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Tomasi, Roland; Betz, David; Schlager, Sophie; Kammerer, Tobias; Hoechter, Dominik J.; Weig, Thomas; Slinger, Peter; Klotz, Laura V.; Zwissler, Bernhard; Marczin, Nandor; Dossow, Vera von (2018): Intraoperative Anesthetic Management of Lung Transplantation: Center-Specific Practices and Geographic and Centers Size Differences. In: Journal of Cardiothoracic and Vascular Anesthesia, Vol. 32, No. 1: pp. 62-69
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Abstract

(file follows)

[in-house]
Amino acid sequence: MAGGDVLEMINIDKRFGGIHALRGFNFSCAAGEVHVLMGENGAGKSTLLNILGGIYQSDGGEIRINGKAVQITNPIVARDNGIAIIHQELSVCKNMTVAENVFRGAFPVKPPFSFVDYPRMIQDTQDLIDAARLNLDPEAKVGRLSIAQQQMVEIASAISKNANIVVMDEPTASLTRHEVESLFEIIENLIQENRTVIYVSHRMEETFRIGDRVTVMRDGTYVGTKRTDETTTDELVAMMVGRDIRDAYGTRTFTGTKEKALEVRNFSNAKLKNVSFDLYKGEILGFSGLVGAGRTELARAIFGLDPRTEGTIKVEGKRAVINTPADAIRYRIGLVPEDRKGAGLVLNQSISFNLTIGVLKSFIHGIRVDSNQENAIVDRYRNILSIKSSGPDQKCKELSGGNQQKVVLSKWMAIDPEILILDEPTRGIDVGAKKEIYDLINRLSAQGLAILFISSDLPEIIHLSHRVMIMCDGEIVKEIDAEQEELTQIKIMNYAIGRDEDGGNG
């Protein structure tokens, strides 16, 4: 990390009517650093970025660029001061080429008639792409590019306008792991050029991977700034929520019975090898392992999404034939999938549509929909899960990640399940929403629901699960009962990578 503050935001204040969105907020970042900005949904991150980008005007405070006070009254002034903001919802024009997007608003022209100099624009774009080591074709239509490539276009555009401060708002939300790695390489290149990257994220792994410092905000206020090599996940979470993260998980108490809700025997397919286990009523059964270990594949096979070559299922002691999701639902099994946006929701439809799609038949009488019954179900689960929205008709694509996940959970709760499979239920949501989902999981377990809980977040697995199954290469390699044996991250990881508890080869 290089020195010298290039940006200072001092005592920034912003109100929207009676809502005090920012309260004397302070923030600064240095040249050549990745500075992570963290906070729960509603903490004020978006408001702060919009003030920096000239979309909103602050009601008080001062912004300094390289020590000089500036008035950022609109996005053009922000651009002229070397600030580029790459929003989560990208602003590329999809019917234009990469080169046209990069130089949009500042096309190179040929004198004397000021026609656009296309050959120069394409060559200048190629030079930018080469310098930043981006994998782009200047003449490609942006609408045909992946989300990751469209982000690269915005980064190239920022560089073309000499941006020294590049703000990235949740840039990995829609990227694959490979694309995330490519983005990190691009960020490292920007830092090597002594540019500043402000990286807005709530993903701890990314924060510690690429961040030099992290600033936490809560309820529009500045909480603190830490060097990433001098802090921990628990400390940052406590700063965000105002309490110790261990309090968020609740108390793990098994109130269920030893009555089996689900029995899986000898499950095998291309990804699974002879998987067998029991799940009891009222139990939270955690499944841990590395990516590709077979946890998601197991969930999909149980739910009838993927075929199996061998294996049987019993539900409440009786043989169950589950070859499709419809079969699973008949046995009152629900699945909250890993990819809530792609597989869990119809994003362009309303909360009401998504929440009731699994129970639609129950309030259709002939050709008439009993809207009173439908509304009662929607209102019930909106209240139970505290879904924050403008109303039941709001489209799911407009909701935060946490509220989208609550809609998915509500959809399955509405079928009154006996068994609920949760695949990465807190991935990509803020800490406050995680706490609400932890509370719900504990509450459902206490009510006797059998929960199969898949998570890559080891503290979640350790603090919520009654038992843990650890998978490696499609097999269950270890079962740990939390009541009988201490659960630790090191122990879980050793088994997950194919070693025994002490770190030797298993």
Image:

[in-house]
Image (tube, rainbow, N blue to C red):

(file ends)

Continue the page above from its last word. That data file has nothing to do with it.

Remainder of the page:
Objective: Although increasing evidence in lung transplantation (LTx) suggests that intraoperative management could influence outcomes, there are no guidelines available regarding intraoperative management of LTx. The overall goal of the study was to assess geographic and center volume-specific clinical practices in perioperative management. Design: Prospective data analysis. Setting: Online survey from a single-center university hospital. Participants: European and non-European LTx centers. Interventions: An online survey was sent to 176 centers currently performing LTx procedures. It covered organizational data, general anesthesia considerations, fluid therapy and coagulation, antioxidant and anti-inflammatory therapies, and ventilation strategies. Measurements and Main Results: The response rates were 57.5% (n = 42) from European and 32% (n = 33) from non-European countries. Significant differences between European and non-European countries were use of volatile hypnotics (p = 0.016), use of sufentanil (p < 0.001), inotropic agents (p = 0.001) and colloid infusion (p < 0.001), use of calibrated pulse contour analysis (p = 0.004), use of intraoperative traditional laboratory-based coagulation tests (p = 0.001) and platelet function analysis (p = 0.005), and use of higher peak inspiratory pressure (p = 0.009). Center volume-specific differences were use of fentanyl (p = 0.03) and the use of higher peak inspiratory pressure (p = 0.005) for ventilation. Induction of anesthesia and use of advanced hemodynamic monitoring, therapy for pulmonary hypertension, antioxidant and anti-inflammatory therapies, and ventilation strategies were not different among the centers. Conclusions: This survey demonstrated for the first time statistically significant differences among European and non-European centers and among low- versus high-volume centers regarding intraoperative management during LTx. These observations will be of some guidance for the LTx community and may trigger more extensive studies.